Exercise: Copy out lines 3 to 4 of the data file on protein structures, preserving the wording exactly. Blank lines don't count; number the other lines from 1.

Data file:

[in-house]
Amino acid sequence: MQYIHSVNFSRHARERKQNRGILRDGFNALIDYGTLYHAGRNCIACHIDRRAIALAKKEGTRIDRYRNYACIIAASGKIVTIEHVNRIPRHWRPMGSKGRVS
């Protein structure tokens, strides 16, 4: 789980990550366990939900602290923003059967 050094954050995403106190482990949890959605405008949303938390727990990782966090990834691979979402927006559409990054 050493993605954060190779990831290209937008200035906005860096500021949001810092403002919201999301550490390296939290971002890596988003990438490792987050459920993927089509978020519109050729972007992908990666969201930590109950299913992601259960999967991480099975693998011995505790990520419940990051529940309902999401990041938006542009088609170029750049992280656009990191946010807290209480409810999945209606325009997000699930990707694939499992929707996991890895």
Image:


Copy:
């Protein structure tokens, strides 16, 4: 789980990550366990939900602290923003059967 050094954050995403106190482990949890959605405008949303938390727990990782966090990834691979979402927006559409990054 050493993605954060190779990831290209937008200035906005860096500021949001810092403002919201999301550490390296939290971002890596988003990438490792987050459920993927089509978020519109050729972007992908990666969201930590109950299913992601259960999967991480099975693998011995505790990520419940990051529940309902999401990041938006542009088609170029750049992280656009990191946010807290209480409810999945209606325009997000699930990707694939499992929707996991890895």
Image: